HS Awareness Week
June 1st – 7th marks Hidradenitis Suppurativa (HS) Awareness Week globally, and is an opportunity to raise awareness of this inflammatory skin condition, estimated to affect at least 1% of the Irish population.
A recent 2020 Irish paper in Dovepress, authors Mac Mahon et al. reported on a study of health-related quality of life and patient-reported outcomes in individuals with HS, in their clinic. As measuring tools, to assess health-related quality of life (overall effects HS had on their lives) and levels of anxiety and depression patients experience, Mac Mahon et al., used a DLQI and HADS.
DLQI – Dermatology Life Quality Index, measures in 10 questions the impact a skin disease has on the person’s life, physically, emotionally, socially and sexually in the past week as well as how troublesome the treatment has been.
HADS – Hospital Anxiety and Depression Scale, used by doctors to determine the levels of anxiety and depression that a person is experiencing. It comprises of 7 questions for anxiety and 7 questions for depression.
Findings in their study, reported that patients with HS had considerably higher scores across all areas (treatment, personal relationships, work, daily activities, leisure activities) in their DLQI compared to patients with psoriasis. HS patients also scored considerably higher on the HADS, reporting higher scores in depression and anxiety, compared to psoriasis.
Another Irish paper published in the British Journal of Dermatology in 2020, authors Keary et al. reported on their study which aimed to assess, “the lived experience of psychological distress in HS”. They found that all participants in their study indicated pain as a challenging component of HS and the effects of pain caused distress, with some participants reporting that it imposed restrictions in their daily lives.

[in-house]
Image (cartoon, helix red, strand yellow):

On a positive note, some participants in this study reported that they attended a support group or knew others with HS, which they found a helpful coping strategy.
- Related: HS Information Videos
- Related: Full HS ‘Skin Matters’ webinar video
- Related: Study indicates incidence of HS appears to be doubled among smokers
What is HS?
HS is a chronic or long-term inflammatory skin disease of the hair follicles which causes the following: recurrent painful lesions: nodules, abscesses and sinuses (tunnels under the skin which discharge pus and fluid). HS more commonly occurs in the armpits, groin, perianal area, buttocks, and under the breasts.
What causes HS?
The exact cause remains unclear, however, this inflammatory skin condition is thought to be linked with certain irregularities in the skin’s immune system, problems with the structure of the hair follicle, and genetics.
What are the impacts on quality of life?
Living with HS is unique to that person whether their condition is mild, moderate or severe. This condition may prove challenging for some, depending on the location of the lesions and the nature of symptoms which may cause pain, discomfort, embarrassment, challenges in carrying out day-today activities, and can affect personal and work life. Due to the unpredictable nature of this recurrent condition and especially when it is active (flare-up), HS may have a profound and challenging effect on a person’s mental health and quality of life.
For anyone with this condition, it’s important to know that you are not alone and HS is not uncommon. Finding a friend or family member that you can talk to can be beneficial. If you find it difficult, connecting with people who understand your condition and feelings may be comforting and useful
If you would like to get in touch with the private Facebook HS Support Group, where you can talk to other people with HS, contact Barry at firstname.lastname@example.org or follow on Twitter @hsireland1
Mac Mahon J., Kirthi S., Byrne N., O’Grady C. and Tobin A.M. An Update on Health-Related Quality of Life and Patient-Reported Outcomes in Hidradenitis Suppurativa. Dovepress Patient Related Outcome Measures 2020; 11:21-26
Keary E., Hevey D. and Tobin A.M. A qualitative analysis of psychological distress in hidradenitis suppurativa. British Journal of Dermatology 2020; 182:342-347